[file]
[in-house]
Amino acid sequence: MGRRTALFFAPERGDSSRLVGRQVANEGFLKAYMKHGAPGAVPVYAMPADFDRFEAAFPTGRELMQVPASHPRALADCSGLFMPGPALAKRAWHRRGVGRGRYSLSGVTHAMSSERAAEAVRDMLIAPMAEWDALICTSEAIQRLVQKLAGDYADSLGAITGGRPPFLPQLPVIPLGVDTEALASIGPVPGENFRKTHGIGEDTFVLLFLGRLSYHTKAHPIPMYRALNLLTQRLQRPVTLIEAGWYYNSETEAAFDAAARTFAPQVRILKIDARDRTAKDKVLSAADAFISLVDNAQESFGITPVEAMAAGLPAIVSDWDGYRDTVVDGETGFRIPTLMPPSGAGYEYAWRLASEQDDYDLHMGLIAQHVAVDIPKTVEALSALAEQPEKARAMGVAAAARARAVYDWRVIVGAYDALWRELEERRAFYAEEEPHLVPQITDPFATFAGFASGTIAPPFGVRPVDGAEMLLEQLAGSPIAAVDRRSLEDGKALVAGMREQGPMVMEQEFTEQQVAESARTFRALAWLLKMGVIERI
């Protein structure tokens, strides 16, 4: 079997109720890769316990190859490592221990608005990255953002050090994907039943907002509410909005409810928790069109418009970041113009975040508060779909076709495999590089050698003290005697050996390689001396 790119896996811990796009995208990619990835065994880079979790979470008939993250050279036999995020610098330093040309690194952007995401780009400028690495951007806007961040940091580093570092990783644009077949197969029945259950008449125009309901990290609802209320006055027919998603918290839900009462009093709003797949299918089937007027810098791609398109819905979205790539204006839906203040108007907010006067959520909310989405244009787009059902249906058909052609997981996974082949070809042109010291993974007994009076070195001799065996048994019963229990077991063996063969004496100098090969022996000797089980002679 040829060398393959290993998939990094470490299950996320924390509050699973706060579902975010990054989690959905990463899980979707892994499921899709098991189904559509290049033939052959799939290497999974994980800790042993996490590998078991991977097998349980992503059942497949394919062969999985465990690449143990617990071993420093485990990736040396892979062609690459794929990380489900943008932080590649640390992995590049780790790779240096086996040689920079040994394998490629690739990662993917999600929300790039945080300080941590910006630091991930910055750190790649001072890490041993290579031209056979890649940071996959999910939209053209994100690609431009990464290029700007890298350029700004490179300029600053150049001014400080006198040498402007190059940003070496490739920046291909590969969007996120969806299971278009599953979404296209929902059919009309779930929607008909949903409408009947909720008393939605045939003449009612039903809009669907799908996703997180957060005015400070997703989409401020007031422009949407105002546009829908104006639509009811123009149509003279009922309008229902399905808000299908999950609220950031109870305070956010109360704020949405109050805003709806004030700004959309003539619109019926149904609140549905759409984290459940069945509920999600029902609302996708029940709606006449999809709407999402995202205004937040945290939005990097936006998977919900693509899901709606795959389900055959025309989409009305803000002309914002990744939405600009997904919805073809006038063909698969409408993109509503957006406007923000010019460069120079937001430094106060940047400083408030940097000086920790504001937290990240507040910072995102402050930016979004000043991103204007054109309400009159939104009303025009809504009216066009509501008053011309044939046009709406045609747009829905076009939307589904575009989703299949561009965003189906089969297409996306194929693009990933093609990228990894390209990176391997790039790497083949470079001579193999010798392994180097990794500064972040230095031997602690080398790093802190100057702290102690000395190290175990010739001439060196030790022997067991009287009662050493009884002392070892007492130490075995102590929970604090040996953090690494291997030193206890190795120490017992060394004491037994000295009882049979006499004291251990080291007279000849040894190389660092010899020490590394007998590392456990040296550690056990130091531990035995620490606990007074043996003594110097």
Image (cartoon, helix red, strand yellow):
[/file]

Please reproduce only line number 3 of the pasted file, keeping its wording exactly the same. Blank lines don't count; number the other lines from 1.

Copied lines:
């Protein structure tokens, strides 16, 4: 079997109720890769316990190859490592221990608005990255953002050090994907039943907002509410909005409810928790069109418009970041113009975040508060779909076709495999590089050698003290005697050996390689001396 790119896996811990796009995208990619990835065994880079979790979470008939993250050279036999995020610098330093040309690194952007995401780009400028690495951007806007961040940091580093570092990783644009077949197969029945259950008449125009309901990290609802209320006055027919998603918290839900009462009093709003797949299918089937007027810098791609398109819905979205790539204006839906203040108007907010006067959520909310989405244009787009059902249906058909052609997981996974082949070809042109010291993974007994009076070195001799065996048994019963229990077991063996063969004496100098090969022996000797089980002679 040829060398393959290993998939990094470490299950996320924390509050699973706060579902975010990054989690959905990463899980979707892994499921899709098991189904559509290049033939052959799939290497999974994980800790042993996490590998078991991977097998349980992503059942497949394919062969999985465990690449143990617990071993420093485990990736040396892979062609690459794929990380489900943008932080590649640390992995590049780790790779240096086996040689920079040994394998490629690739990662993917999600929300790039945080300080941590910006630091991930910055750190790649001072890490041993290579031209056979890649940071996959999910939209053209994100690609431009990464290029700007890298350029700004490179300029600053150049001014400080006198040498402007190059940003070496490739920046291909590969969007996120969806299971278009599953979404296209929902059919009309779930929607008909949903409408009947909720008393939605045939003449009612039903809009669907799908996703997180957060005015400070997703989409401020007031422009949407105002546009829908104006639509009811123009149509003279009922309008229902399905808000299908999950609220950031109870305070956010109360704020949405109050805003709806004030700004959309003539619109019926149904609140549905759409984290459940069945509920999600029902609302996708029940709606006449999809709407999402995202205004937040945290939005990097936006998977919900693509899901709606795959389900055959025309989409009305803000002309914002990744939405600009997904919805073809006038063909698969409408993109509503957006406007923000010019460069120079937001430094106060940047400083408030940097000086920790504001937290990240507040910072995102402050930016979004000043991103204007054109309400009159939104009303025009809504009216066009509501008053011309044939046009709406045609747009829905076009939307589904575009989703299949561009965003189906089969297409996306194929693009990933093609990228990894390209990176391997790039790497083949470079001579193999010798392994180097990794500064972040230095031997602690080398790093802190100057702290102690000395190290175990010739001439060196030790022997067991009287009662050493009884002392070892007492130490075995102590929970604090040996953090690494291997030193206890190795120490017992060394004491037994000295009882049979006499004291251990080291007279000849040894190389660092010899020490590394007998590392456990040296550690056990130091531990035995620490606990007074043996003594110097």